According to Davoud Nikbin, Ishak Ismail, Malliga Marimuthu and Ismael Younis Abu- Jarad (2011), Repurchase intention refers to the customer’s aim to maintain a relationship with a particular service provider and to make his or her next purchase in the category for this service provider (Jones and Taylor, 2007). Continued purchasing by current customers is an important concern because the cost of obtaining a new customer usually greatly exceeds the cost of retaining a customer (Spreng et al., 1995). As a consequence of satisfaction or dissatisfaction, repurchase intention is a critical factor affecting customers’ future relationship with an organization, its profitability, and thereby its business success (Reichheld and Sasser, 1990; Weun, 1997).
Repurchase intention (RI) is defined as the individual’s judgment about buying a service again, the decision to engage in future activity with a service provider and what form this activity will take (Hellier et al., 2003; Zeithaml et al., 1996). (Margee Hume and Gillian Sullivan Mort, 2010)
In research by Robert Johnston and Xiangyu Kong, (2011), they state that the experience (and value, Vargo and Lusch, 2004) is perceived purely from the point-of-view of an individual customer and is inherently personal, existing only in the customer’s mind. Thus, no two people can have the same experience (Pine and Gilmore, 1998). The benefits the customer gets from using and experiencing the service includes how they perceive they have “profited” or gained from the service provided and their experience of it, i.e. how well their requirements and needs have been met. Another outcome of the service from a customer’s point-of-view will be their conscious or unconscious assessment of the service provided (Zomerdijk and Voss, 2010), the perceived value of the service received (Bitner and Hubbert, 1994; Oliver, 1997) and their overall satisfaction or dissatisfaction (an emotion) (Carbone, 2004). These judgments, good, bad or indifferent, will result in intentions, such as the intention to repurchase or not, the intention to recommend it to others, or the intention to complain or not. These intentions may or may not result in action.
Paul G. Patterson and Richard A. Spreng (1997) discuss that in the post-purchase situation, the consumer has experience, and is thus familiar with the product/brand evaluation is therefore less influenced by extrinsic cues such as store name and ambience, brand image or marketer communication(Sweeney, 1994). Furthermore, post-purchase, the consumer, having firsthand experience with the product, is able to form satisfaction/dissatisfaction evaluations – but not in the pre-purchase situation. The current study captures value perceptions, satisfaction and repeat purchase intentions a short time following purchase.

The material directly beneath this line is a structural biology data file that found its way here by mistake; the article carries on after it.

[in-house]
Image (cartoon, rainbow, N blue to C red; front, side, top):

On the other hand, every new experience with the company will supplement and adjust the cumulative satisfaction. As a customer gains more experience over time, we assume that, regarding loyalty, cumulative satisfaction becomes more important and less weight is placed on the current encounter (see also Boulding et al., 1999). Customers, for example, who are very experienced and have a high cumulative satisfaction, will probably not defect because of one unsatisfying experience. Their cumulative satisfaction works like a buffer, since the customers know that service quality is usually much higher. However, for a customer with no experience this might be the first and last encounter with this company. (Thomas A. Brunner, Markus Stocklin and Klaus Opwis, 2008)
In the research by Hee Yeon Kim and Fae- Eun Chung (2011), they discuss that with respect to research on green purchasing behavior, consumers’ past experiences with green products may be “crucial in forming the product-specific perception that would lead to future purchase intention”; in turn, consumers’ past experiences influence their purchases or use of green products.
A study by Phillip K. Hellier, Gus M. Geursen, Rodney A. Carr and John A Rickard (2003), when a single purchase of a product or service is made, the customer expects to receive a benefit greater than the cost, that is, the customer expects to receive value. If anything happens after the purchase that unexpectedly reduces or increases the cost incurred or benefit received, the perceived value is altered. The customer becomes less or more satisfied, which in turn influences subsequent customer value expectations, purchase behaviour and overall customer satisfaction (Carr, 1990; Voss et al., 1998; Woodruff, 1997).